Russia summons US ambassador over Biden’s ‘war criminal’ comment

Russia says it has summoned the United States’s ambassador to the country over President Joe Biden’s recent comments labelling his Russian counterpart Vladimir Putin a “war criminal” amid the invasion of Ukraine.

In a statement on Monday, the Russian foreign ministry said it summoned US Ambassador John Sullivan as ties between Moscow and Washington were on the verge of collapse.

Biden last week told reporters that Putin was a “war criminal” for launching an all-out invasion of Ukraine late last month, as Russia’s bombardment has levelled entire neighbourhoods and forced more than 10 million people to flee their homes.

“Such statements from the American president, unworthy of a statesman of such high rank, put Russian-American relations on the verge of rupture,” the foreign ministry said in the statement.

It also said Sullivan had been handed a formal letter of protest about “recent unacceptable statements” made by Biden, and was warned that “hostile actions taken against Russia would receive a firm and decisive response”.

The US Department of State later on Monday confirmed that a meeting had taken place between Sullivan and the Russian government, during which Sullivan demanded that Moscow follow international law and called for consular access to US citizens detained in Russia.

Department of State spokesman Ned Price told reporters it is “completely unacceptable” that the US has been denied consular access to detained citizens.

Tensions between the US and Russia have been rising amid Russian forces’ continuing attacks on Ukrainian cities and towns, which have drawn global condemnation and complicated efforts to bring about a negotiated end to the conflict.

The Biden administration and its allies in Europe have issued a wide range of sanctions against Russian officials, businesses and wealthy elite in an effort to pressure Putin to end the invasion.

The Kremlin immediately rejected Biden’s assertion that Putin was a “war criminal”, calling it “unacceptable and unforgivable rhetoric”.

But the US’s top diplomat, Secretary of State Antony Blinken, doubled down on the president’s remarks, saying last week that he too believed that Russian forces had committed war crimes in Ukraine.

Blinken said on Thursday that Department of State experts were in the process of documenting and evaluating potential war crimes in Ukraine to help international efforts towards accountability, but added that it was apparent that Russia is committing abuses.

“Intentionally targeting civilians is a war crime. After all the destruction of the past three weeks, I find it difficult to conclude that the Russians are doing otherwise,” he told reporters.

On Monday, Biden held a call with President Emmanuel Macron of France, Chancellor Olaf Scholz of Germany, Prime Minister Mario Draghi of Italy, and Prime Minister Boris Johnson of the United Kingdom to discuss their coordinated responses to the Russian invasion.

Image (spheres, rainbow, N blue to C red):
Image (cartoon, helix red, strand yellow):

In a readout after the talks, the White House said the leaders “discussed their serious concerns about Russia’s brutal tactics in Ukraine, including its attacks on civilians”.

“They underscored their continued support for Ukraine, including by providing security assistance to the brave Ukrainians who are defending their country from Russian aggression, and humanitarian assistance to the millions of Ukrainians who have fled the violence. The leaders also reviewed recent diplomatic efforts in support of Ukraine’s effort to reach a ceasefire,” it said.

Al Jazeera’s Kimberly Halkett, reporting from Washington earlier in the day, said strained ties between Moscow and Washington could complicate both continuing negotiations to reach a ceasefire in Ukraine, as well as talks to revive the 2015 Iran nuclear agreement.

“The fact that the US ambassador has been summoned in Russia, and the fact that ties are not only strained, but have the potential to be severed completely, could put a number of US policy objectives at risk,” Halkett said.

Biden will travel to Poland on Friday to meet with President Andrzej Duda to discuss the international response to Russia’s invasion. He also will meet in Brussels earlier this week with the US’s NATO allies, as well as leaders of the G7 and European Union.

Earlier on Monday, the EU’s foreign policy chief called Russia’s attacks on the Ukrainian port city of Mariupol “a massive war crime”.

Russian forces have encircled and bombarded Mariupol for more than two weeks, and hundreds of thousands of residents remain trapped with little if any access to food, water and electricity.

“What’s happening now in Mariupol is a massive war crime, destroying everything, bombarding and killing everybody,” Josep Borrell said at the start of a meeting of EU foreign ministers in Brussels.

That was echoed by German Foreign Minister Annalena Baerbock. “The courts will have to decide, but for me, these are clearly and unequivocally war crimes,” she said.

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